SMALL PERSONAL VOICE

Assorted insights and opinions dom assorted book reviews, essays, interviews including a new preface to The Golden Notebook which redefines Doris Lessing's best known book from several facets (which she claims eluded most critics) and not necessarily as a pro-feminist statement (even if Anna did say — did she not — that the real revolution of our time is that of "women against men"). We know the various positions Lessing has taken and they are of course asserted here — whether on the disintegration of society and perhaps worse to come (which will make Women's Lib only seem "quaint" at some future time); on education (she left school at fourteen and benefited from her own ability to read or discard what she wanted); on madness or breakdown as she interpreted it, before Laing, as a form of self-healing; on the falling away of life in general and the small-mindedness of the systems imposed on it; etc. etc. etc. There is a touching piece on "My Father" who ended up "a thin shabby fly-away figure under the stars" and the reviews are variously on Malcolm X and Idries Shah and Sufism, Vonnegut and the little known Eugene Marais, Isak Dinesen and Olive Schreiner whose Story of an African Farm (1885) was recently reprinted. Necessarily in this form, or rather these forms, a certain repetitiousness is invited; inconsistency is also not hard to find; but all of that is incidental to what is really important for and about Doris Lessing. The title essay is where you will find her at her strongest — contending that the realistic novel, particularly of the 19th century, is the "highest form of prose writing" and that the novel should entail warmth, compassion, a love of people (as against Camus, Sartre, Genet, Beckett and their "acceptance of disgust" which betrays it) and make "a statement of faith in man himself." All in all, both controversially and reconcilably, a stimulus, an illumination, a pleasure.

Pub Date: Sept. 26, 1974

ISBN: 0006547591

Page Count: 235

Publisher: Knopf

Review Posted Online: Sept. 28, 2011

Kirkus Reviews Issue: Sept. 1, 1974

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MARTIN LUTHER KING, JR. AND THE MARCH ON WASHINGTON

This early reader is an excellent introduction to the March on Washington in 1963 and the important role in the march played by Martin Luther King Jr. Ruffin gives the book a good, dramatic start: “August 28, 1963. It is a hot summer day in Washington, D.C. More than 250,00 people are pouring into the city.” They have come to protest the treatment of African-Americans here in the US. With stirring original artwork mixed with photographs of the events (and the segregationist policies in the South, such as separate drinking fountains and entrances to public buildings), Ruffin writes of how an end to slavery didn’t mark true equality and that these rights had to be fought for—through marches and sit-ins and words, particularly those of Dr. King, and particularly on that fateful day in Washington. Within a year the Civil Rights Act of 1964 had been passed: “It does not change everything. But it is a beginning.” Lots of visual cues will help new readers through the fairly simple text, but it is the power of the story that will keep them turning the pages. (Easy reader. 6-8)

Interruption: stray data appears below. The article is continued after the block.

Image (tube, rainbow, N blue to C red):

Pub Date: Jan. 1, 2001

ISBN: 0-448-42421-5

Page Count: 48

Publisher: Grosset & Dunlap

Review Posted Online: May 20, 2010

Kirkus Reviews Issue: Dec. 1, 2000

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WHAT A WONDERFUL WORLD

A LIFETIME OF RECORDINGS

Noted jazz and pop record producer Thiele offers a chatty autobiography. Aided by record-business colleague Golden, Thiele traces his career from his start as a ``pubescent, novice jazz record producer'' in the 1940s through the '50s, when he headed Coral, Dot, and Roulette Records, and the '60s, when he worked for ABC and ran the famous Impulse! jazz label. At Coral, Thiele championed the work of ``hillbilly'' singer Buddy Holly, although the only sessions he produced with Holly were marred by saccharine strings. The producer specialized in more mainstream popsters like the irrepressibly perky Teresa Brewer (who later became his fourth wife) and the bubble-machine muzak-meister Lawrence Welk. At Dot, Thiele was instrumental in recording Jack Kerouac's famous beat- generation ramblings to jazz accompaniment (recordings that Dot's president found ``pornographic''), while also overseeing a steady stream of pop hits. He then moved to the Mafia-controlled Roulette label, where he observed the ``silk-suited, pinky-ringed'' entourage who frequented the label's offices. Incredibly, however, Thiele remembers the famously hard-nosed Morris Levy, who ran the label and was eventually convicted of extortion, as ``one of the kindest, most warm-hearted, and classiest music men I have ever known.'' At ABC/Impulse!, Thiele oversaw the classic recordings of John Coltrane, although he is the first to admit that Coltrane essentially produced his own sessions. Like many producers of the day, Thiele participated in the ownership of publishing rights to some of the songs he recorded; he makes no apology for this practice, which he calls ``entirely appropriate and without any ethical conflicts.'' A pleasant, if not exactly riveting, memoir that will be of most interest to those with a thirst for cocktail-hour stories of the record biz. (25 halftones, not seen)

Pub Date: May 1, 1995

ISBN: 0-19-508629-4

Page Count: 224

Publisher: Oxford Univ.

Review Posted Online: May 20, 2010

Kirkus Reviews Issue: March 1, 1995

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